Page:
Derick van der Walt
Growing up in Polokwane, Kgadi Senyatsi never dreamt that she would one day spend a year in Australia learning the tricks of the pig farming trade and would eventually head up the business development division at SAPPO.
Senyatsi joined SAPPO in 2014 and now leads a team of five business developers, who mentor new pig farmers countrywide, among all their other duties.
“I have always been involved in farming. In the rural areas most families have some form of farming activity going on to ensure that there is food for the table. We farmed mainly with maize and had a few cattle and sheep.”
Even as a youngster she followed the maize price “and I was always puzzled why the commercial farmers’ maize always looked better than ours did.”
When her parents saw that farming was in her blood, they sent her to an agricultural high school in Mokopane. After school she studied towards a degree in agricultural management at Tshwane University of Technology (TUT). Her first practical experience, however, did not involve pigs. Her initial job was as an animal attendant at a feedlot in North West. A short course in pig production at the ARC followed in 2005.
“This happened by accident,” she says. “As part of my practical training for my TUT qualification I had to attend a short course and I was too late for the short course in feedlotting. There was, however, still space in the piggery course.”
And so the journey began.
Volunteering at TUT’s experimental farm for a few months followed, and then she saw an opportunity on the internet at a pig farm in Australia. She applied and got the job. And no, she was not scared to leave South Africa for a country she has never been before. “I was exited!” she says laughingly.
Senyatsi spent a year (December 2007 to December 2008) on a family farm with 1 600 sows.
“At that stage pig farming was not so big there, with the focus on sheep farming. They have very strict biosecurity rules for all commodities, especially for products entering the country.”
Senyatsi says that something that she found unique was that nobody mollycoddled her and held her hand. “I had to learn quickly and farmers expected that from you.”
“In general, the people were very friendly but they still had the perception of South Africa being in the heart of darkest Africa, a jungle swarming with wild lions,” she laughs.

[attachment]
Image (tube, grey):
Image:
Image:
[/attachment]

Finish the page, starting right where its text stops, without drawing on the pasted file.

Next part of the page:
Back in South Africa she joined the Western Cape department of agriculture as an extension officer. Her task was to mentor small-scale pig farmers.
She joined SAPPO in 2014. Her tasks as head of SAPPO’s business development division are to develop new farmers’ skills, training, mentorship and liaising with stakeholders on behalf of SAPPO.
And what are the challenges? “Generally there is a misconception about pig farming. People think it is a quick fix to get rich. Because sows get many piglets at one time, people believe that this will make them lots of money. They are often surprised to realise how expensive inputs are and how much it costs to raise a pig. There is a lack of knowledge, information and skills and we have to fill that void. The major and common mistake people make is to leave their jobs before their pig businesses are sustainable. Some even use their retirement funds to start pig farming, which in most cases do not realise the return on investment.”
The business development division not only teaches the correct way to farm with pigs, it also conveys industry knowledge to new farmers.
And is SAPPO making progress? “Definitely,” she believes. “There has been a vast improvement since 2014. At least we now know where most of the small farmers are. Baynesfield plays a crucial role. Apart from the training students receive, it exposes people to pig farming and the industry. They learn the need and value of high biosecurity measures. We also teach them the business side of the industry.”
Senyatsi says that Baynesfield also serves as sifting mechanism. “People not fit for pig production often decide not to continue after they realise what is at stake. Baynesfield also brings us in touch with the needs of small farmers.”
Senyatsi says that she thoroughly enjoys her job. “We have all the support from SAPPO management, commercial producers and input suppliers. This makes our job so much easier.”
When she is not working, she prefers spending time on her own. Cooking is a big passion.
The South African Pork Producers’ Organisation (SAPPO) coordinates industry interventions and collaboratively manages risks in the value chain to enable the sustainability and profitability of pork producers in South Africa.